Ultrasonic welding is fast, requires no consumables, and can be applied to a wide variety of applications. Additionally, equipment cost is relatively low. Ultrasonic welding can create strong, hermetic welds that are visually appealing. However, some design considerations must be taken into account to ensure optimum results.

Surface damage and fracturing of features can occasionally result from application of ultrasonic energy to an assembly. Additionally, some design choices may preclude strong and consistent welds from being formed. Here are some common ultrasonic difficulties and how to prevent them.

Part Gouging

Gouging occurs when the fit between the sonotrode and the part is not correct. If the part is contoured, it’s important that the contour of the sonotrode closely matches the contour of the part. If the part and sonotrode are shaped differently, the sonotrode will squeeze on the part surface, causing marking. Also, the edges of sonotrodes can leave witness marks.

To prevent this kind of marking, it can help to put a generous radius on the horn edges and have the contour of the sonotrode polished to match the part. Please check with the sonotrode manufacturer before making any modifications to the tool, however. A sonotrode is an acoustic instrument and, as such, any removal of material may interfere with its function.

Texture Marring

If the sonotrode is being used to contact a textured surface, that texture could melt during welding. Ultrasonic energy concentrates at small contact surfaces, and a textured surface provides just that. This makes it likely that some of the part surface will melt when exposed to ultrasonic vibrations. To help prevent this, place a film between the sonotrode and the part as a buffer.

Surface Burning

Burning can be caused when ultrasonic vibrations cause the part to act like a diaphragm and bow inwards and outwards as vibrations travel through the part. This cyclical strain can lead to internal heating, which can result in a burn mark in the middle of the part. Often called “diaphragming,” this phenomenon is more likely to occur if the part being contacted is thin.

Damage to the part surface can also be caused by cavitation of the air trapped between the sonotrode and part. Air that is captured between the horn and the part surface can heat up enough to burn the part under the rapid compression and expansion that occurs when the horn is vibrating.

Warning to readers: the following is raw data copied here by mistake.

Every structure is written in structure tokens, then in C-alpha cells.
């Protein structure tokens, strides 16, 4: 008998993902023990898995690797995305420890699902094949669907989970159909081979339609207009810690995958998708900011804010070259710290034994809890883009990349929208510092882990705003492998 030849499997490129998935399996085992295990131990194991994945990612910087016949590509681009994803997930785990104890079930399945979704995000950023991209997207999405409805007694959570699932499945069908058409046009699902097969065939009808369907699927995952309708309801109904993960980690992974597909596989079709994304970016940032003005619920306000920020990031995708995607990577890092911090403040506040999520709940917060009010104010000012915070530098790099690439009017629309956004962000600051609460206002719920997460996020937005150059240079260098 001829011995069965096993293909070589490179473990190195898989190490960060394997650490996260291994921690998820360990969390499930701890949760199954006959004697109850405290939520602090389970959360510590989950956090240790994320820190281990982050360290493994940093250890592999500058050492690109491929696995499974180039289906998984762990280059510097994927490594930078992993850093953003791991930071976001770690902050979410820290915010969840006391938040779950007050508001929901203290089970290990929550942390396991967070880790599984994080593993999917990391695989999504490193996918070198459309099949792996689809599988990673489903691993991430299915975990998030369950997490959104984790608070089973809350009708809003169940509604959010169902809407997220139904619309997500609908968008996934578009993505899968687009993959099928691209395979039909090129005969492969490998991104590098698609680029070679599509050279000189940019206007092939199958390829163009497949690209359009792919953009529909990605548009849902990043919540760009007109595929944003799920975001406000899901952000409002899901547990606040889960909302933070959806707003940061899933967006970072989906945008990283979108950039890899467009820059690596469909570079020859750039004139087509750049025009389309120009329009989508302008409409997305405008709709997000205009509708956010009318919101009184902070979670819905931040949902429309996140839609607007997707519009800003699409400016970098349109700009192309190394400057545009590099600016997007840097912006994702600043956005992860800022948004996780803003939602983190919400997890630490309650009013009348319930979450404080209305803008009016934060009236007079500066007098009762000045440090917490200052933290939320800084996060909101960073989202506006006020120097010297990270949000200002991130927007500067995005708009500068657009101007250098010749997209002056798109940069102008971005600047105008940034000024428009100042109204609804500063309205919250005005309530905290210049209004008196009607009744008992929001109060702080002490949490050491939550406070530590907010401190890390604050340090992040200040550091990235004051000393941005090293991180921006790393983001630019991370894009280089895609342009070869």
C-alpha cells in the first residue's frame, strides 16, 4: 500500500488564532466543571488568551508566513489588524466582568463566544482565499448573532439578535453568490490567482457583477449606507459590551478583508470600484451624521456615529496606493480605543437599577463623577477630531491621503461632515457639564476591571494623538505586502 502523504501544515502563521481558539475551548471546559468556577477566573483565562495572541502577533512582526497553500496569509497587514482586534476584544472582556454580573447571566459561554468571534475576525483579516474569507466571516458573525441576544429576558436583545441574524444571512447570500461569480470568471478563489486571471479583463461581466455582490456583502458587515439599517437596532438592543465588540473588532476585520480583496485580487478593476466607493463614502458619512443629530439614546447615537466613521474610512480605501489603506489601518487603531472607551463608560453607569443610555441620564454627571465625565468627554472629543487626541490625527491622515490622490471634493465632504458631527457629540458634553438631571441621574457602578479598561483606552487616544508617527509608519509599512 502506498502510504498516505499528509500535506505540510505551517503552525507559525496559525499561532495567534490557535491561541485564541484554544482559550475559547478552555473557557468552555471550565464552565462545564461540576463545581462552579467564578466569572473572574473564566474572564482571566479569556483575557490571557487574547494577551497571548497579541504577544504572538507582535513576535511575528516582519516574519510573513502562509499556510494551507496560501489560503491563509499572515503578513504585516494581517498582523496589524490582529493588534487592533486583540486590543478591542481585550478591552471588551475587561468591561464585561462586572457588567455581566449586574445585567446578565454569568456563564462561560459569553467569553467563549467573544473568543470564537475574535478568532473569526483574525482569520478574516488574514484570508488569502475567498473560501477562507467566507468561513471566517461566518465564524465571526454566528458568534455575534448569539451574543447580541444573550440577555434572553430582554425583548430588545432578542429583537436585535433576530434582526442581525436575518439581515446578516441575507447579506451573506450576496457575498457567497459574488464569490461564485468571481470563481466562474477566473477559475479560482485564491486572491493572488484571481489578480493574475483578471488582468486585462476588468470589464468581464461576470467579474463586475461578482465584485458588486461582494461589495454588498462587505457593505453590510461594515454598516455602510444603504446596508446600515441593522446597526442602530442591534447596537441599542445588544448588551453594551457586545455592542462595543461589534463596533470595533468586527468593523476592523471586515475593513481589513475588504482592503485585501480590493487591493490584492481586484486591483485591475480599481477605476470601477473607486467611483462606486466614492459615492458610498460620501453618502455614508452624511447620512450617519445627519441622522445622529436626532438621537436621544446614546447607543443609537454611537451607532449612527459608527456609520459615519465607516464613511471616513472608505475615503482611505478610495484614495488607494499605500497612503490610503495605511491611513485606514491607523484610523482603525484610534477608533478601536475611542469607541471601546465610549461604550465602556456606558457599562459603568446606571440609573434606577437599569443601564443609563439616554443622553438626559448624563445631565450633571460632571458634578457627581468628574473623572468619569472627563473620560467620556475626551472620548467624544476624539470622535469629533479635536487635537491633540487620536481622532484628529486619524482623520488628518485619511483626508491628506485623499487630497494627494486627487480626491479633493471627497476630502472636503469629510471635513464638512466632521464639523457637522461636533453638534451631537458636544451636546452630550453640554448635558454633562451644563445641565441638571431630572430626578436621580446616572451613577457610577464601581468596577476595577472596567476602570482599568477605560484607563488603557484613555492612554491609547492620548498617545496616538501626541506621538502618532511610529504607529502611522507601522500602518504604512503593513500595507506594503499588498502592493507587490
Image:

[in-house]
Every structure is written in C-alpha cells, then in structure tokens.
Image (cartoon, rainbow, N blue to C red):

These effects can often be prevented by the use of a nodal plunger, which can dampen the middle of the part during welding and prevent any trapping of air between the horn and part. A nodal plunger is a spring-loaded dampener that is mounted inside the sonotrode.


As the parts vibrate during ultrasonic welding, any areas of stress concentration are susceptible to heating. For this reason, a small feature with sharp radii may break off the assembly during welding. Thin walls can also be burned. This is why ultrasonics can be used to degate parts from a runner by contacting the sprue with a sonotrode.

Prevent this by designing the radii as large as possible and avoid using thin walls to connect large pieces of the assembly.

Uneven Welding

There are a few potential causes of uneven welding. The most common is inconsistent energy at the joint due to variations in the sonotrode contact surface or joint surface. Ultrasonic energy travels as a wave through the sonotrode into the part. If the surface where the sonotrode contacts the part is uneven, the amplitude of the ultrasonic wave could be uneven as well.

Amplitude is the measure of peak to peak displacement, which is directly related to how much ultrasonic energy is being applied to the part. When this varies, the heat in the joint varies, and so does weld strength or quality. This can also occur when the sonotrode contact surface is flat and even, but the distance from this plane to the part is inconsistent. The ultrasonic energy quickly dissipates as it travels through the part, so variations in this travel distance will lead to uneven welding.

Another thing to look out for is providing a consistent joint design. If the energy director height or shear joint width is not the same throughout the part, the weld strength will not be the same either. In fact, some areas may not weld at all.

 Finally, make sure there are no voids in the part design between the horn contact surface and the joint. Ultrasonic energy will not travel through air